Enterprise Management Incentives (EMI)

The government today published a call for evidence on EMI share options, with a view to ensuring the scheme will provide the right support for high-growth companies.

A particular objective of the call for evidence is to understand whether the EMI scheme should be extended to include more companies. One frustration of the current rules is that share options cannot be granted under the scheme when the company or group has more than 250 employees at the date an option is granted.  This can be particularly problematic for high-growth companies and may well be one of the issues that the government looks to address.

Moore Kingston Smith comment

EMI is the most valuable and popular share incentive scheme for many of our clients.  It does, however, contain some restrictions that can prove frustrating, the employee limit referred to above being one. If this call for evidence leads to a relaxation of the rules, that will be more than welcome.


Tax avoidance

As is typical, several measures designed to tackle fraud and tax avoidance were flagged, with some of the key points being:

  • HMRC will be setting up a ‘taxpayer protection taskforce’ to combat fraudulent CJRS and SEISS claims. 1,265 staff are to be allocated to the taskforce, with 100 of these being trained investigators.
  • Various measures will be announced to target serial promoters of abusive tax avoidance schemes. These will include measures to enable HMRC to obtain information about tax schemes at a much earlier stage and to stop the promotion abusive schemes.
  • The government will invest a further £180 million in HMRC in 2021-22, to include IT systems and to recruit new compliance staff to target tax avoidance and evasion.

Moore Kingston Smith comment

With government finances under significant pressure, it is wholly reasonable and natural that the government will look to close the “tax gap” relating to tax avoidance and evasion. An estimated £3.75 billion has been lost to fraudulent furlough claims alone, and there will be few who disagree with attempts to recover this.


Interest harmonisation and penalty reform for late submission and payment of tax

A new penalty regime will be introduced for VAT and income tax, dealing with both late submissions and late payments.

The regime for late submissions will be points-based, with penalties kicking in for each missed submission after specified points thresholds have been reached. Under the new late payment penalty regime, penalties will be charged in proportion to both the amount of tax owed and how overdue tax payments are, with “penalty interest” of 4% per annum being due on the total amount unpaid after 31 days.

The government will also introduce measures to ensure that interest charges and repayment interest for VAT are aligned with other tax regimes.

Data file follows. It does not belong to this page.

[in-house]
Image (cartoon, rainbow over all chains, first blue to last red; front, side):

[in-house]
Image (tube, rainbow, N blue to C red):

For VAT, these measures will come into effect for periods starting on or after 1 April 2022, and for income tax, they will begin to be introduced for accounting periods beginning on or after 6 April 2023.

Moore Kingston Smith comment

This new regime is designed to make sense in light of the Making Tax Digital regime, which gives rise to new submission requirements, and which is now being gradually implemented across the taxes. The current VAT default surcharge can provide some surprising results, and it is hoped that this new regime will remove some perceived unfairness.


Social Investment Tax Relief (SITR)

SITR was due to expire on 5 April 2021 but the Chancellor has announced a two-year extension until 5 April 2023.

The purpose of SITR is to encourage investment in qualifying social enterprises (such as charities and community interest companies) by giving investors income and capital gains tax reliefs. In many respects, its design is similar to that of the Enterprise Investment Scheme, which gives similar tax reliefs to those who invest in qualifying businesses.

Moore Kingston Smith comment

We understand the policy has had a fairly low take-up since its introduction in 2014. Part of the reason for this has been the presence of several significant restrictions and conditions in the rules. The government carried out a consultation in 2019 in order to understand the way the scheme was being used. It does not appear as though there will be any changes made to the rules of the scheme after 5 April 2021. However, the government may use the additional two years to consider whether any changes can be made to the scheme to allow it usefully to continue into the future.


OECD reporting rules for digital platforms

Rules will be introduced – to take effect from January 2023 at the earliest – requiring certain UK digital platforms to report to HMRC information about the income of the sellers using the platform. HMRC will then exchange this information with tax authorities in the jurisdictions in which the sellers are resident. There will be a consultation during the summer on the implementation of these rules. At this stage, this measure is intended to be restricted to sellers of services, such as food delivery services, taxi hire and short-term accommodation lettings.  The measure is likely to involve the operators of digital platforms collating and then verifying a significant amount of information on their sellers and providing this to HMRC in a specific format.

Moore Kingston Smith comment

This measure forms part of the UK’s commitment to working with the OECD on aligning global standards on tax and fighting tax evasion.  The need to ensure that taxpayers operating in the digital economy pay their fair share of tax in the right country is a key focus of the OECD, and measures that can facilitate this are generally to be welcomed.  It is however hoped that the government will seek to minimise the administrative and cost burden to businesses likely to be caught by the rules.